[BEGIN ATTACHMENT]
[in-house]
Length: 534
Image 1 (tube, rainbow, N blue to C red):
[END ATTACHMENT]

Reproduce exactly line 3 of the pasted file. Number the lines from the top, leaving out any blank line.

Image 1 (tube, rainbow, N blue to C red):